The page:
Targeting microRNAs in the placenta to find new treatments for stillbirth

Our researchers want to find out more about some of the tiny molecules present in placentas from pregnancies where the baby did not grow as it should, in the hope that they can find new treatments that help babies grow properly and reduce the risk of stillbirth.
  • Author's list

    Dr Lynda Harris, Dr Karen Forbes, Dr Bernadette Baker, Professor Alexander Heazell

    Start date: April 2021
    End date: March 2022

  • Research centre

  • Research status

    Ongoing projects

Why do we need this research?

When the placenta is failing, the baby inside the womb cannot get the nutrients and oxygen that it needs. This can stop the baby from growing as it should and is also thought to be the leading cause of stillbirth. We urgently need new treatments that can remedy this, so that we can reduce the risk of stillbirth and improve lifelong health.

Tommy’s researchers have already shown that microRNAs (miRNAs) can be linked to problems with the placenta. These tiny molecules are found inside the cells of the placenta and help to control how it grows and works. Our researchers have shown that there are specific miRNAs that are seen either more or less often in placentas from pregnancies where the baby did not grow properly, compared with healthy placentas. We now want to find out more about these miRNAs so that we can try and develop new drugs that improve outcomes for women whose placentas are failing.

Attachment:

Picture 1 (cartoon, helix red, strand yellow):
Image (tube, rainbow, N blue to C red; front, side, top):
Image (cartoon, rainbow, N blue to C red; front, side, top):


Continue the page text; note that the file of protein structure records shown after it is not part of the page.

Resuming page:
What’s happening in this project?

In this project, Tommy’s researchers will look at a large number of donated placentas so that they can confirm which miRNAs seem to be associated with a failing placenta. By comparing with healthy placentas, the team will find out which miRNAs are found more often in placentas from pregnancies where the baby did not grow as it should, and which are found less often.

Next, our researchers plan on finding out whether they can use these miRNAs to make failing placentas work better. Working in the lab, the team will treat tissue from both healthy and failing placentas with molecules that either mimic or inhibit specific miRNAs to see whether they can improve the survival and behaviour of the cells in the placenta. If the team find that any of these molecules improve how well the placenta is working, they could then be combined with placental homing peptides – small molecules that bind only to the surface of the placenta – to create drugs that are delivered straight to where they are needed.

What difference will this project make?

This project will help us understand more about the miRNAs that are linked to problems with the placenta. Using this information, it may be possible to develop new treatments to help women whose placentas are failing so that we can make sure their babies grow as they should and help to prevent stillbirth.